Turf Toe

  • Author:
    Jayson Goo, ATC, MA, CKTI

    Jayson Goo, ATC, MA, CKTI, a National Athletic Board Certified Athletic Trainer, graduated from the University of Hawaii and earned his master's degree in human performance with a specialty in corrective therapy from San Jose State University. Jayson also is an active Certified Kinesio Taping Instructor.

  • Medical Editor: William C. Shiel Jr., MD, FACP, FACR
    William C. Shiel Jr., MD, FACP, FACR

    William C. Shiel Jr., MD, FACP, FACR

    Dr. Shiel received a Bachelor of Science degree with honors from the University of Notre Dame. There he was involved in research in radiation biology and received the Huisking Scholarship. After graduating from St. Louis University School of Medicine, he completed his Internal Medicine residency and Rheumatology fellowship at the University of California, Irvine. He is board-certified in Internal Medicine and Rheumatology.

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Is it possible to prevent turf toe?

The turf toe injury often occurs as a result or combination of fatigue, muscle imbalance, or stress on a body part at an inopportune moment. Appropriate workloads for the stage of training also help prevent injuries. Injury can be prevented through proper preparation for sports participation.

A combination of flexibility, strength, fitness, and dynamic stability may help to prevent injury to the big toe. Appropriate muscle strengthening, cardiovascular conditioning, flexibility, balance, core strength, and posture are major factors in both prevention and prevention of reinjury. Flexibility or range of motion of the toe joints may be indicators of injury. Flexibility is determined by the amount the toe can be flexed actively and passively. Greater flexibility of the foot and ankle lessen the chance of injury. There is no particular exercise or stretch that will prevent the injury.

Strength also plays a role. The stronger the body the less susceptible to injury it becomes. One of the keys is that both the muscle that moves the body part through that range of motion and the opposing muscle must also be strong. A decreased range of motion may predispose the joint to injury. Meanwhile, hydration keeps the tissue supple and the muscle working correctly. Unfortunately, there is no magic cure for prevention of turf toe besides developing the components needed for safe participation in sport.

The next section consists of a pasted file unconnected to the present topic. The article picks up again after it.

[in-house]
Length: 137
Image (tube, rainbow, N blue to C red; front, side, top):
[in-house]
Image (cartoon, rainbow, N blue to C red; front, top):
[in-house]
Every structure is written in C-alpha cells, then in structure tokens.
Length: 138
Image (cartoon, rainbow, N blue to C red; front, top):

The basic guideline to prevent injuries is to determine if one is in good health by having a physical exam to evaluate cardiovascular function and the possibility of disease or any other general medical problems. Before beginning activities, diseases such as gout, diabetes, certain types of arthritis, and neuropathies should be treated. Shoes and socks appropriate to one's activity will also be a deterrent to injury, as proper fitting footwear can help minimize the effect of bad biomechanics.

What is the prognosis for turf toe?

The recovery time for turf toe is dependent on the severity of the injury. The more severe the injury, the longer the recovery time will be. With severe injuries, surgery may be required. Sometimes complete recovery may not occur, leaving the patient with a stiff or arthritic toe. Upon return to activity, various preventative measures such as bracing, athletic strapping (such as with turf toe strips made from moleskin), or insertion of a full foot orthotic or rigid insoles (such as steel plate supports) are considered.

REFERENCES:

Amendola, Annunziato, and Andrea Veljkovic. "Turf Toe." OrthoInfo. American Academy of Orthopaedic Surgeons. Aug. 2012. <http://orthoinfo.aaos.org/topic.cfm?topic=A00645>.

Bowers Jr., K.D., and R.B. Martin. "Turf-toe: a shoe-surface related football injury." Med Sci Sports 8.2 (1976): 81-83.

Brophy, R.H., S.C. Gamradt, S.J. Ellis, et al. "Effect of turf toe on foot contact pressures in professional American football players." Foot Ankle Int 30.5 (2009): 405-409.

Coker, T.P., J.A. Arnold, and D.L. Weber. "Traumatic lesions of the metatarsophalangeal joint of the great toe in athletes." Am J Sports Med 6.6 (1978): 326-334.

Rodeo, S.A., R.F. Warren, S.J. O'Brien, et al. "Diastasis of bipartite sesamoids of the first metatarsophalangeal joint." Foot Ankle 14.8 (1993): 425-434.

Medically Reviewed by a Doctor on 2/10/2015

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